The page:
The New York Knicks are 5-0. They are the only team in the NBA that hasn't lost yet. They are either at or near the top of most observers' early season power rankings, they've got the league's best defense and second-best offense in terms of points allowed per 100 possessions, according to NBA.com's stat tool, and they are the first team in 25 years to open the season with five straight wins by 10 or more points.
And yet, despite the fact that the Knicks' improvement on both offense and defense tracks with the team's performance in coach Mike Woodson's 24-game stint at the helm last season, during which New York fielded top-five-caliber units on both ends of the floor, it all feels like a trick of the light, a soon-to-be-dispelled mirage. Can the New York Knicks — a team that's led by career losers Carmelo Anthony and J.R. Smith, that's got four of the five oldest players in the NBA, that's been a laughingstock for the better part of the last 13 years — be the best team in the NBA? It's a difficult concept to accept ... especially if you watched them play Tuesday night.
If you just looked at the box score Wednesday morning, you'd think the Knicks' 99-89 road win over the Orlando Magic went down pretty similarly to their first four. New York shot well, making a touch under 49 percent of their field goals and 38 percent of their 3-point tries, with Anthony leading the way (25 points on 50 percent shooting and eight rebounds) and Smith continuing to play like a Sixth Man of the Year candidate (21 points on 9-for-14 shooting, four rebounds, three assists, two steals, just one turnover). They continued to take care of the ball, turning it over just nine times, while harassing Orlando into 20 cough-ups that led to 24 Knick points. They scored like a top-three offense and checked like a top-eight defense, efficiency-wise. A nice night's work, and on to the next one, right?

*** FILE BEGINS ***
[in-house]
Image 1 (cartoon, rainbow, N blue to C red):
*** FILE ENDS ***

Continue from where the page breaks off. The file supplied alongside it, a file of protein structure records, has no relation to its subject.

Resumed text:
Watching the game, though, the Knicks hardly ever seemed demonstrably better than a Magic team that had lost four straight (including a 39-point walloping by the Brooklyn Nets last Friday night), has one of the league's four least potent offenses and 10 most accommodating defenses, and relies on the offensive production of Glen Davis and E'Twaun Moore far more than any reasonable person would suggest is healthy. For a solid two-thirds or so of Tuesday night, the Knicks were clearly not the better team on the floor; worse than that, they looked less like a precise, focused outfit and more like ... y'know ... the Knicks.
It was weird from Jump Street, with New York not only missing their first five field goals, but doing so on stagnant, one-pass-and-a-shot possessions that scarcely forced an Orlando defense struggling at defending pick-and-roll ball-handlers and spot-up shooters to have to move laterally, close out hard or change their shape; the active ball movement of the season's first four games was nowhere to be found. On the other end, the Knicks' aggressive on-ball defense was missing, with the likes of Moore and Arron Afflalo finding open looks clear of outstretched defenders' arms, as was the previously attentive see-the-ball/see-your-man off-ball defense, resulting in a hail of Orlando screens and cuts.